Insurance Bureau of Canada applauds federal government's plan to get tough on auto theft



    MONTREAL, April 21 /CNW/ - Insurance Bureau of Canada (IBC) applauds
efforts announced today by the federal government to re-introduce
comprehensive legislation to combat the serious problem of auto theft.
    "Clearly, the federal government recognizes the many costs of auto
theft," said Rick Dubin, Vice-President, Investigations, IBC. "Not only does
auto theft cost Canadians more than $1 billion every year, it also costs
lives. The growing involvement of organized crime in auto theft is a threat to
our safety and security."
    The legislation announced today increases the consequences of auto theft
and targets the involvement of criminal organizations. It will empower Canada
Border Services Agency to search containers at ports all across Canada, and to
seize stolen vehicles meant for export. And it will make it a crime to tamper
with vehicle identification numbers (VINs) and traffic in stolen auto parts.
    The proposed legislation will also make auto theft a separate offence
under the Criminal Code so that sentences are more appropriate for the
severity of the crime. Presently, auto theft is considered a simple property
offence, but thieves escaping in a stolen vehicle show little regard for
public safety, and in many cases this has led to tragedy for innocent
bystanders.
    Auto theft costs Canadians over $1 billion each year, including police,
court costs, medical services and other expenses. In 2007, auto theft cost
insurers $542 million, or $35 for each auto insurance policy. The number of
thefts across Canada dropped by 9% in 2007, but recovery rates also continue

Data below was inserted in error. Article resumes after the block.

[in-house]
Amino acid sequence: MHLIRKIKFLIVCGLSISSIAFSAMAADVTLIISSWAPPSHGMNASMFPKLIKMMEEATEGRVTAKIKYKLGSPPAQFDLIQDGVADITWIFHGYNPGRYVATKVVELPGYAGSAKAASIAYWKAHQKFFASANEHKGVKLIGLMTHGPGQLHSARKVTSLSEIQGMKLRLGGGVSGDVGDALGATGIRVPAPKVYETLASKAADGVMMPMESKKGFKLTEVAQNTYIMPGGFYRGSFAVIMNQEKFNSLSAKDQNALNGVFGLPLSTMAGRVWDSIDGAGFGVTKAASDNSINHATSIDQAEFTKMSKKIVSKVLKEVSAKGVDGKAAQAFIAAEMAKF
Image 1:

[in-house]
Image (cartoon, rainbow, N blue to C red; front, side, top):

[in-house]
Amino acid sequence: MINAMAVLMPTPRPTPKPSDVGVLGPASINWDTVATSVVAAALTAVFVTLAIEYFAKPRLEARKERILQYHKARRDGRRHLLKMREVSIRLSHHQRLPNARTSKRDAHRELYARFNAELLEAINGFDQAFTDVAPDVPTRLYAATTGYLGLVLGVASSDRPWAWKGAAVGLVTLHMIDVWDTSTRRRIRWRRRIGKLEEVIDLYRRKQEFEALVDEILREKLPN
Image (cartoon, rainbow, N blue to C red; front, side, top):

to decline.
    The choice of Montreal as the location for the government's announcement
today is appropriate. In 2007, 22,403 vehicles were stolen in Montreal - more
than in any other Canadian city. At the same time, the recovery rate in that
city was the lowest in the country, at just 31%. Low recovery rate is a strong
indicator of organized criminal activity because it means vehicles are being
exported, chopped for parts or re-identified and sold to unsuspecting
consumers.
    "The measures announced by the federal government today reflect a
commitment to the safety and security of Canadians. I urge all MPs to support
this legislation and pass it as soon as possible," said Dubin.

    Insurance Bureau of Canada is the national industry association
representing Canada's private home, car and business insurers. Its member
companies represent nearly 95% of the property and casualty (P&C) insurance
market in Canada. The P&C insurance industry employs over 110,000 Canadians,
pays more than $6 billion in taxes to the federal, provincial and municipal
governments, and has a total premium base of $38 billion.
    To view news releases and information, visit the media section of IBC's
website at www.ibc.ca.





For further information:

For further information: James Geuzebroek, (416) 362-2031 ext. 4364


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